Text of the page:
Mouth breathing is not normal. It is in fact very unhealthy.

Mouth breathing usually occurs because there is a blockage in the nasal airways. This may be:
– a deviated nasal septum
– enlarged adenoids or tonsils (Did you have recurrent tonsillitis as a child?)
– inflamed sinuses

So a blocked nose forces you to breathe through your mouth.

Ever wondered why children get recurrent tonsillitis or recurrent enlarged adenoids?

But there are other serious implications:

  1. Miss out on the benefits of nasal breathing mentioned above. This actually compounds the issue as now you breathe in dirty, unfiltered air which further inflames and enlarges the adenoids and tonsils. The heightened inflammation causes allergies that further result in congestion, that ofcourse worsen the dysfunction. Another example of how a temporary parafunction becomes a dysfunction.
  2. Overbreathing
    • Mouthbreathers have less control over the volume of air they breathe out. We breathe 3-4x the air through our mouth than our nose. So mouthbreathers exhale too much CO2 (hyperventilation) which reduces the CO2 levels in your system. This upsets the pH balance and biochemistry of your blood and peripheral tissues [Link to “Roger Price’s blog post”]
    • How would you feel if you ate for 3-4 people?
    • Our diaphragm contracts based on CO2 levels so if there is less CO2 in our system, then it  won’t contract as much. This results in the use of our accessory respiratory muscles for breathing. End result: inefficient breathing. The lungs remain underutilised.
  3. Backwards growth pattern for the upper and lower jaw
    • With the mouth remaining open all the time, the lower jaw (mandible) grows downwards and backwards. This keeps the tongue away from the ideal resting position. The tongue should ideally be resting on the roof of the mouth behind the upper front teeth.
    • With the tongue not resting on your palate to expand the upper jaw, you end up with a narrow, high palate, an elongated soft palate (which is the most common cause of obstruction in sleep apnoea) muscle imbalance as the cheek muscles aren’t pushed against by the tongue. This explains why some people have a gummy smiles. It also explains why people have a “long face” (adenoid facies) as the mandible (lower jaw) grows downwards rather than forwards.
    • Here is a great video that illustrates how mouth breathing affects jaw and facial development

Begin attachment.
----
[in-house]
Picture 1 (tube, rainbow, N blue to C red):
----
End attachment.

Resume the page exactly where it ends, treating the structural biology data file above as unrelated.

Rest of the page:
4. Growth retardation
    1. Mouth breathing has been shown to reduce growth hormone release which retards growth (Morais-Almeda et al). The growth hormone levels are restored once the mouthbreathing is treated. 
  5. Improper swallowing.
    • The tongue doesn’t develop proper function due to its unusual position down and backwards away from the roof of your mouth. As a result, a dysfunctional swallowing pattern emerges. Mouthbreathers end up swallowing air (aerophagia). The excess air needs to come out somehow and it regularly comes back out through the mouth. This can explain some cases of reflux in children and adolescence.
  6. Autonomic imbalance
    • When we inhale, that is our sympathetic nervous system kicking in to tell us to breathe.
    • Exhalation is performed via our parasympathetic nervous system. We have the ability to influence our autonomic system merely by elongating our exhalations and increasing our parasympathetic (rest and digest) drive. This restores balance to our systems.
  7. Reduced lymph drainage
    • Mouth breathing reduces the action of the diaphragm, which plays a significant role in lymph movement through muscle contractions. This impact the immune system
  8. Bruxism.
    • Furthermore, the retrognathic (backwards) growth pattern of the mandible also positions the tongue back against the airway – a reason why the tongue is the second most common obstruction in sleep apnoea. Bruxism or night-time grinding in many cases is actually a compensatory airway protection mechanism. As your body realises that there is upper airway resistance due to an obstruction from the tongue, it activates the clenching muscles, the masseters and temporalis muscles, to bring the mandible and therefore the tongue forward and away from the airway. This is why sometimes bruxers wake up with headaches and soreness on the sides of the head.
The Temporalis and Masseter Muscles involved in nighttime grinding/clenching. (Source:

Now you may wonder what this all means in the long run?

Well, with the inadequate development of the anatomy, mouthbreathers are at a very high risk of sleep-disordered breathing like sleep apnoea, snoring and UARS.

Sleep apnoea, if left untreated, can shave 10-15 years off your life and also increase your risk of comorbities such as cardiovascular disease, stroke, Alzheimer’s, bowel issues, disruption to reproductive system and cancer!

It’s a lot to take in but it’s a serious topic. I guarantee that you will know someone that habitually mouth breathes.

At Sydney Airway Clinic, we offer corrective treatments for children AND adults (even if full bone growth and maturation is complete). We can non-surgically and painlessly guide the jaws back into their correct positions, retrain the tongue and lip muscles to ensure the return of nasal breathing and restore one’s compromised airway back to it’s ideal volume. We have a multidisciplinary approach in conjunction with various doctors and clinicians to ensure you receive a tailored treatment that suits you best.